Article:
Suckling pig can go well with white or red wine, but the sommelier selected an excellent red Montecorvo DOC Costa d'Amalfi. This is a natural wine made from Aglianico, Piedi Rosso and Tintore grapes. It was medium bodied to match the weight of the suckling pig, with ripe cherry and vanilla flavours, and high acidity counterbalancing the richness of the pork.

In preparation for dessert, we were offered a sweet wine - an Eleusi Passito 2006 from the Villa Matilda winery in Roccomonfina (a coastal village near Casserto in Campania). The combination of volcanic soil, sea air and large temperature variation from day to night gives the perfect conditions for the development of complex flavours in the Falanghina grapes that are partially dried in the making of this dessert wine.

The first dessert served was 'Strawberry Emphasys' - strawberry parfait, a 'Basmati' rice cream, and a wild alpine strawberry salad scented with ginger, yoghurt and basil ice cream. This was a beautifully presented dessert but it was the unusual combination of basil and strawberry that was a real revelation for me.

Our second dessert was equally striking - a chocolate sponge case, with dark chocolate mixed with fried aubergine purée, ricotta ice cream and candied lemon. The combination of aubergine and chocolate was created in the small village of Minori on the Amalfi Coast, where slices of fried aubergine are smothered with chocolate and served rather like a sweet ‘melanzane alla Parmigiana’ with chocolate instead of cheese and tomatoes. I loved this sophisticated version created by Chef Mimmo.

Our meal at The Belvedere Restaurant was one of the highlights of this trip to Italy. Chef Mimmo di Raffaele’s cooking reflects a passion for the produce of his native Campania and extensive knowledge of other cuisines through his travels. I highly recommend a visit before the Michelin stars start raining down and prices become inaccessible.

What to Do

Take a Yacht Excursion along the Amalfi Coast

The Hotel offers a fantastic complimentary yacht excursion that runs each morning along the Amalfi Coast to Positano, with guides speaking very good English. It is breathtaking to see the villages from the perspective of the sea.

Being in the heart of the Amalfi coast, it is quick and easy to take a complimentary shuttle bus for a stroll in nearby Amalfi. And just a little further afield, around 90 minutes' drive, lies Roman Pompeii.

Relax by the Infinity Pool at the Hotel Caruso

The village of Ravello has a picturesque small piazza, from which streets with boutiques and artisan shops meander, and can be visited in an hour or two. What better to do after this than to relax by the Infinity Pool at the Hotel Caruso?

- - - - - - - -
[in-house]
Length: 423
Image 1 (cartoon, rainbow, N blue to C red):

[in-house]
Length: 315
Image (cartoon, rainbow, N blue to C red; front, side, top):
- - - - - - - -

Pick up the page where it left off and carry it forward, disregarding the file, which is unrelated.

Ravello's Main Piazza

Set at the highest point above the town of Ravello, the hotel's infinity pool is breathtaking, with stunning views over the Amalfi coast. The pool is heated, and there is the Belvedere poolside restaurant offering some of the best pizze in Italy.

Fitness Centre at the Hotel Caruso

After all that pizza, you might like to work out at the hotel’s fully equipped air-conditioned gym, with a range of range of cardio equipment and weight machines, all positioned in front of windows with a panoramic view of the coastline.  The hotel also has a qualified personal trainer.

Visit Naples

Naples is around 90 minutes from Ravello by car, and is just a few miles beyond Pompeii, so at a push the two could be combined in a single day.  We did not have long, but called in on Naples to have lunch in the home of pizza on our way to the airport.

The magnificent Mount Vesuvius

Brandi is a pizza restaurant near Piazza Plebicito in Napoli, which came highly recommended by a number of Italians we spoke to. It has been in existence since the 19th century, and claims to have invented the Margarita pizza, for Queen Margarita on one of her visits to the city.

A selection of pizze was presented, and her favourite was named in honour of her - it combined the three colours of the Italian flag - red tomato, white mozzarella and green basil.  We had a Don Vincenzo (€9), with tomato, Fior di latte cheese, anchovies, capers and olives. This was ok, but did not come even close to the standard of the pizza at Hotel Caruso.

Our other choice was a Don Raffaele, (€10), with Fior di latte cheese, Parmesan, Provolone, Gorgonzola and basil. The cheeses were delicious, but sadly the dough was a tad undercooked.  These were washed down with a half bottle of Greco di Tufo 2013, Terredora, for €8.

Travel Essentials

Flights are available from London to Naples with British Airways or Easyjet, and it is then a 90 minute car journey to arrive in Ravello.

Belmond Hotel Caruso
Piazza San Giovanni del Toro 2, 84010 Ravello (SA), Italy
Email: reservations.car@belmond.com

Rooms cost from €455 to €2,500 per night, although there are discounts of up to 33% if staying 3 or more nights. Like most hotels, shops and restaurants in Ravello, the hotel closes from November to March each year.

Brandi Pizzeria
Salita Sant’Anna di Palazzo, 1-2, 80132 Naples, Italy
+39 081 416928